Horses were a part of everyday life in the days before the motor car made its grand entrance, but they were a necessary evil and there were insurmountable problems that went along with them.
Flies, as any horse or stable owner knows, hang around barns and horses laying their eggs in the manure piles, buzzing around the eyes and pooping on everything. Imagine living in a world where there were horses and manure piles everywhere? Divine for the flies, and horrendous for the humans. Horse manure carried tetanus spores within it, and while this is not a health risk in itself, the three billion flies that hatched daily in manure in larger cities at the turn of the century carried filth and disease. Studies have shown that outbreaks of diseases in the 19th century can be traced back to spikes in the fly population.
Horse accidents were far more common in the “good old days” than we could imagine despite the slow speeds. In one study it revealed that in 1900, there were 200 people killed in horse related accidents in New York City. In 2003 there were 344 auto related fatalities, so taking into consideration the population increase, the per capita fatalities in 1900 were about 75 per cent higher than today.
Horses, unlike cars, have minds of their own and can spook, shy, jump or take off in fright and bystanders were trampled, kicked, knocked over and bitten. The massive omnibuses were particularly risky as they were top heavy with poor brakes and large wheels. The narrow streets required tight turns and this, added to the drivers who were often reckless, saw many of these multi people moving ‘buses’ topple over.
Today the sounds of horses hooves clip clopping down a dirt road or across a tarmac road brings a smile to the face. But, back in the 1800s and 1900s the constant clatter or wagon wheels and horse shoes on cobblestones was enough to drive anybody mad. The sheer number of horses and horse drawn carriages meant congestion and consternation everywhere. There were no traffic laws, no stop signs, yield signs, and a right of way belonged to whoever got there first. A horse and carriage also took up a lot of room, were longer than today’s trucks, and steep hills in cities made it very tough for the horses to get started if pulling a load.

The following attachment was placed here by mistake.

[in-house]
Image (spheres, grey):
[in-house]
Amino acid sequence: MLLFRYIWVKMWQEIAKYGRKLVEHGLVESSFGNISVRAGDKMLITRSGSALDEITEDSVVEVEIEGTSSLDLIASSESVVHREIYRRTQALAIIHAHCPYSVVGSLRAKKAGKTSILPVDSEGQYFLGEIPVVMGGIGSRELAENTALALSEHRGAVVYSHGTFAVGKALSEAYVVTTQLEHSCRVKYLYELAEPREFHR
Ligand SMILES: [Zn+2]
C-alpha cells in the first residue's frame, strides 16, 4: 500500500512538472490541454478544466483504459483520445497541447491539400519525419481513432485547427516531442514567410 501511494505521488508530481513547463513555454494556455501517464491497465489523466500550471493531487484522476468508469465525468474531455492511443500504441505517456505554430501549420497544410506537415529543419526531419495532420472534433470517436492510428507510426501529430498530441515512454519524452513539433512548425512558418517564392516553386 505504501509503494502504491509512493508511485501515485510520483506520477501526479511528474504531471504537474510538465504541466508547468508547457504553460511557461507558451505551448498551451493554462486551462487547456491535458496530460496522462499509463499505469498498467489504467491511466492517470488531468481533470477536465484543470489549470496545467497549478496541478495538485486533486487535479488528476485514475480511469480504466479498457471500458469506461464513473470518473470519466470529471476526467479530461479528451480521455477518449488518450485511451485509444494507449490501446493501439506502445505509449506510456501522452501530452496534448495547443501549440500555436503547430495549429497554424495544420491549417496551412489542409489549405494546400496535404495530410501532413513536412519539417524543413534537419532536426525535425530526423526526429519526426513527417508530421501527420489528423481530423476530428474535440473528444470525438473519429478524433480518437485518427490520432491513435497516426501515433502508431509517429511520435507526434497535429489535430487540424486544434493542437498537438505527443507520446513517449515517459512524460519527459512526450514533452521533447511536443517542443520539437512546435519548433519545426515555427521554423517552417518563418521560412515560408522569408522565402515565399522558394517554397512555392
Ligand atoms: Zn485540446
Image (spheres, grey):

Sadly too horses fell often on the wet or snowy and icy cobblestones which offered far less traction than the dirt roads they replaced. If the driver was able to get the poor beast on its feet again, the horse was more than often injured. If really badly hurt it was then shot on the spot, or worse, left to die in the street causing a major and eventually very smelly blockage. Removal carriages were used but didn’t have the technology of today to make the task of removal easy. The result was that often the carcass was left to rot before being cut up into pieces.
As mentioned in Part I, owners preferred to work a small group of horses to death rather than have a larger number and work them less and more kindly. The average streetcar horse might have a lifespan of two years and records show that in New York about 41 horses a day were removed from the streets.
The stable situations in larger cities were at crisis level as more and more horses came into the cities to accommodate the growing human population. Horses were crammed into small spaces, manure piles were like mountains and flies were everywhere. In 1872 the Great Epizootic Epidemic killed about 5 per cent of the horses in the northeast and made countless others unusable. In Boston many of the fire horses were sick or dead, and fires burned many homes and businesses while goods piled up on the docks, and food costs soared without the horse power to move them to consumers.
Finally there was some light at the end of the tunnel: Henry Bergh founded the ASPCA to deal with animal welfare in 1866, and in the 1890s a street sweeping service was started by Col. George E. Waring that spread from New York to many other cities. Finally, rules of the road were created in the early 20th century. However, there was another major change to come: the improvement in the internal combustion engine, better road services, and the cheaper cost of operating and owning a car made this new invention a must have for many. While there were just over 4,000 vehicles sold in 1900, this number had risen to 356,000 in 1912. The horse was not replaced overnight but by 1912, there were more cars that horses in New York City for the first time.
As odd and unbelievable as it seems to us today, the car was seen as the saviour and solution to the horse population and environmental issues at the turn of the century.